Winter Olympics provide a boost in popularity for Pittsburgh Curling Club
Every four years, the Pittsburgh Curling Club draws more attention and it's no secret why.
The organization, which offers the only curling league in Western Pennsylvania, was founded when a group of people watched curling on TV during the 2002 Winter Olympics in Salt Lake City. With each subsequent Winter Olympics, the club has benefited from the sport's prime-time placement on NBC.
“It's not just us,” President Steve Buffington said. “Every curling club across the country sees the same general type of bump in their interest level.”
The Winter Olympics, which began last week in Sochi, Russia, call attention to sports that typically don't get much TV coverage and as a result, some of those activities draw participants.
The Pittsburgh Curling Club, with 85 members, plays once a week in the Robert Morris University Island Sports Center in Neville.
After the 2006 winter games in Torino, Italy, the club offered two short-term leagues for beginners that quickly sold out. Four years later, around the time of the Vancouver games, more than 900 people came to open nights of league play that allowed newcomers to try the sport on the ice.
“The response was way, way above what we thought we were going to get,” Buffington said.
Buffington credits increased interest in curling to the sport's TV-friendliness. In non-Olympic years, “People aren't exposed to it,” Buffington said.
“People come up all the time (during our games) and say: ‘Hey, I've always wanted to see curling! I can't believe you guys do it here,' and they'll stand and watch it for a few minutes. But that's people who happen to come into the building.”
Some other sports benefit from the Winter Olympics spotlight.
Anna Weltz, spokeswoman for Seven Springs Mountain Resort, said all customers at this time of year have “Olympic fever, to some degree or another.” Skiing and snowboarding lessons are offered at Seven Springs and Hidden Valley resorts.
Seven Springs hosted the Burton U.S. Open Qualifiers in 2013 and 2014. Snowboarder Taylor Gold, who competed at the qualifiers, is in Sochi for the Olympics.
Weltz said the qualifiers piqued interest, and she expects the Olympics to do the same — particularly with this year's debut of slopestyle snowboarding and skiing.
“Once people see that on the screen ... once they see the talent and the intensity of those athletes, people are going to be hooked,” Weltz said.
Nick Miller, rink manager at Blade Runners in Warrendale, said he hasn't seen much of an Olympics impact there, in terms of ice skaters.
And Rick Garstka, treasurer of the Pennsylvania Cross Country Skiers Association, said the games don't inspire more interest.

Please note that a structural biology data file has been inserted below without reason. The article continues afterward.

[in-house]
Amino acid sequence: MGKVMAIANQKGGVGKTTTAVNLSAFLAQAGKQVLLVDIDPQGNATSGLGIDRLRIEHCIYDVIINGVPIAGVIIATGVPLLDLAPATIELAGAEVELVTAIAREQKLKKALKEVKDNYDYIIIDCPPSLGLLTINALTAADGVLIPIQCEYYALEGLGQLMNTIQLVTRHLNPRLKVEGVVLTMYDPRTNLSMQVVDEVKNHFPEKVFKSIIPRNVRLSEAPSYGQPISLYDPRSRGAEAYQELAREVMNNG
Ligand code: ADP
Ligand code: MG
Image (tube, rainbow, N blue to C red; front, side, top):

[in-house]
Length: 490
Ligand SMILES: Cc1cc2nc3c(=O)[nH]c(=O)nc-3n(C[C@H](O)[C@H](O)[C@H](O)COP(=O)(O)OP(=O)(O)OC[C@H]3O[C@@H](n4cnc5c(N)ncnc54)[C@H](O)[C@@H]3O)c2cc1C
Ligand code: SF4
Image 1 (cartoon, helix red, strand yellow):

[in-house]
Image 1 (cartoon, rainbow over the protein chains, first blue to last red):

The need to learn and practice skiing, along with a lack of places to rent skis, may be reasons, he said.
“You have to know how to navigate the downhills, you have to learn how to go up hills,” he said. “It's just not a simple matter of saying: ‘I saw that on TV. I think I should go try it.'”
The Pittsburgh Curling Club now is near capacity, with around 80 members, because of limited ice time.
However, the club is raising money to build a curling-only facility in Butler County, and hopes the Olympics will keep people interested enough to join later.
“Really, what we're trying to do this year is introduce people to the sport of curling and also let them know about our building plans,” Buffington said.
Doug Gulasy is a staff writer for Trib Total Media. Reach him at 412-388-5830 or via email at firstname.lastname@example.org.
Show commenting policy
TribLive commenting policy
You are solely responsible for your comments and by using TribLive.com you agree to our Terms of Service.
We moderate comments. Our goal is to provide substantive commentary for a general readership. By screening submissions, we provide a space where readers can share intelligent and informed commentary that enhances the quality of our news and information.
While most comments will be posted if they are on-topic and not abusive, moderating decisions are subjective. We will make them as carefully and consistently as we can. Because of the volume of reader comments, we cannot review individual moderation decisions with readers.
We value thoughtful comments representing a range of views that make their point quickly and politely. We make an effort to protect discussions from repeated comments either by the same reader or different readers.
We follow the same standards for taste as the daily newspaper. A few things we won't tolerate: personal attacks, obscenity, vulgarity, profanity (including expletives and letters followed by dashes), commercial promotion, impersonations, incoherence, proselytizing and SHOUTING. Don't include URLs to Web sites.
We do not edit comments. They are either approved or deleted. We reserve the right to edit a comment that is quoted or excerpted in an article. In this case, we may fix spelling and punctuation.
We welcome strong opinions and criticism of our work, but we don't want comments to become bogged down with discussions of our policies and we will moderate accordingly.
We appreciate it when readers and people quoted in articles or blog posts point out errors of fact or emphasis and will investigate all assertions. But these suggestions should be sent via e-mail. To avoid distracting other readers, we won't publish comments that suggest a correction. Instead, corrections will be made in a blog post or in an article.